Important considerations in lesion-symptom mapping: Illustrations from studies of word comprehension

Hinna Shahid, Rajani Sebastian, Tatiana T. Schnur, Taylor Hanayik, Amy Wright, Donna C. Tippett, Julius Fridriksson, Chris Rorden, Argye E. Hillis

Research output: Contribution to journalArticlepeer-review

18 Scopus citations


Lesion-symptom mapping is an important method of identifying networks of brain regions critical for functions. However, results might be influenced substantially by the imaging modality and timing of assessment. We tested the hypothesis that brain regions found to be associated with acute language deficits depend on (1) timing of behavioral measurement, (2) imaging sequences utilized to define the “lesion” (structural abnormality only or structural plus perfusion abnormality), and (3) power of the study. We studied 191 individuals with acute left hemisphere stroke with MRI and language testing to identify areas critical for spoken word comprehension. We use the data from this study to examine the potential impact of these three variables on lesion-symptom mapping. We found that only the combination of structural and perfusion imaging within 48 h of onset identified areas where more abnormal voxels was associated with more severe acute deficits, after controlling for lesion volume and multiple comparisons. The critical area identified with this methodology was the left posterior superior temporal gyrus, consistent with other methods that have identified an important role of this area in spoken word comprehension. Results have implications for interpretation of other lesion-symptom mapping studies, as well as for understanding areas critical for auditory word comprehension in the healthy brain. We propose that lesion-symptom mapping at the acute stage of stroke addresses a different sort of question about brain–behavior relationships than lesion-symptom mapping at the chronic stage, but that timing of behavioral measurement and imaging modalities should be considered in either case. Hum Brain Mapp 38:2990–3000, 2017.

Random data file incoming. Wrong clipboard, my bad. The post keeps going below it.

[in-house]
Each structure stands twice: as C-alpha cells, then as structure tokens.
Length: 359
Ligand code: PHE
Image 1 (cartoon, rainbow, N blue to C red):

Original languageEnglish (US)
Pages (from-to)2990-3000
Number of pages11
JournalHuman Brain Mapping
Issue number6
StatePublished - Jun 2017


  • aphasia
  • brain mapping
  • ischemic stroke
  • language comprehension
  • lesion studies

ASJC Scopus subject areas

  • Anatomy
  • Radiological and Ultrasound Technology
  • Radiology Nuclear Medicine and imaging
  • Neurology
  • Clinical Neurology


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